Theory of Developer Evolution: Moving from One Programming Language to Another

By Carlos Cordoba

Everything in life is binary. As Mr. Robot says: “Are you a one or a zero?”

By binary, I am referring to those decisions in life when one chooses a new path for themselves and leaves another. The world is constantly changing and evolving and due to reasons like adapting, experimentation, or in our techie world, the law of the strongest, changes must be made to survive. Because no one knows which technology is going to be the next big thing, when do you know if it’s time to switch your skills?

When to Switch?

Switching a programming language is very common in college because you must study a lot of their paradigms and structures to have computing balance. But, in the working world, you may not have had the chance to pick your programming language, or you did, but it wasn’t what you expected, you aren’t being challenged or there aren’t any jobs in that language. When these scenarios happen, perhaps it’s time to switch your programming language.

This article will explore this decision and show you how to evolve and fight against the world as a programming viking! I will guide you through the steps of switching your programming language, even if you have a lot of years working on one language, and help you rapidly change from a newbie to a confident developer.

It’s important to remember that most developers have had to switch their language at least once in their careers. This is why you should never marry one language. It’s important to be curious as a developer and explore new worlds!

Getting started

Search on the internet and look at some important highlights of your new language, such as:

  • Syntax
  • Paradigms
  • Operating system
  • Application field (Embedded Systems, Web, Math)

Remember, you should use your current language as a baseline knowledge when looking at these topics. This is helpful because you have a thorough understanding of your current language and this will help you set parameters to make comparisons. You have experience in another language and you should always use this knowledge when you can!

Digging in

If you are already a developer, you already have the most important skill: LOGIC. You should read documentation, watch youtube videos, go to workshops, go to meetups and read resources on the internet to further your knowledge. Workshops can be extremely useful to walk you through the real language rhythm.

Realizing the differences

As Linux creator, Linus Torvalds, said: “it’s a taste”. In terms of code, a programming language could be based on another language like Java, C or C++, but it will have its own flavor. Finding the different flavor(s), or differences, is exciting and will open up more than you can imagine. Understanding things like Lambda expressions, concurrent programming and other characteristics that are like “code on steriods” with better syntax or libraries to use, will exponentially increase your knowledge scope. For example, Ruby gems was a revolutionary discovery for me and from that moment my understanding of Ruby was different.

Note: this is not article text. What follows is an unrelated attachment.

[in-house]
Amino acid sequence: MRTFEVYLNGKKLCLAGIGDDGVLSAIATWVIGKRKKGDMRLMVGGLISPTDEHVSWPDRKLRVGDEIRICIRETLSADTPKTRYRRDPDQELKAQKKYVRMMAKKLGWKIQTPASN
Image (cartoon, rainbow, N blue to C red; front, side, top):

Getting the know-how

Look for certification books or guides with the same purpose. Languages like Java or Ruby have certifications and have many books that teach you about the language. However, you must remember books written for certification purposes are intended for a specific purpose. They are written to not only teach the language, but also understand the language thoroughly. If you aren’t trying to get your certification in a language it’s best to begin with basic guides.

Speaking the language

The best advice to learn any new language well is: Make it part of your life. You can become better at German, French, Russian, or any other language if you increase your personal activities using it anywhere and everywhere: on your phone, Facebook and email. This is the same with programming languages. You should participate in forums, communities, Facebook groups, LinkedIn groups, slack chats, tech talks and day to day activities. You should spend at least 30 minutes a day learning something new in your chosen programming language and talking about it to people.

Testing your skills

There are many ways to try out skills. This includes sites such as; hacker rank, ruby monk, codingame, freecodecamp and many others. All you have to do is type in “programming challenges”, put your ideas out there and create challenges for yourself. It does not matter if you have done these challenges before with your current language, you should always try them again with the new language. Finally, code reviews are very useful and Github has a lot of public repositories from people with more experience than you to review your code.

Battlefield

Even with all these tips, sometimes, in real life, there is no real time to practice. However, in the programming battlefield, it is your responsibility to survive. Keep yourself personally responsible and take notes in Evernote, google keep, find GitHub repos with functional examples, use bookmarks and IDE’s. All these things will help you succeed. If you keep on trying, eventually, you will prevail and evolve. Even if it seems impossible, remember, mankind originally came from nothing and now our capacity has no limits. We were created to respond to critical situations and you can achieve anything!

If you have any questions about how to ramp up your programming skills, don’t hesitate to comment below and I will be happy to answer. Gorilla Logic hires only the best software engineers. Think you have what it takes to become a Gorilla? Check out our careers section and like us on Facebook.

Theory of Evolution: Changing from One Programming Language to Another

Originally published at Gorilla Logic.

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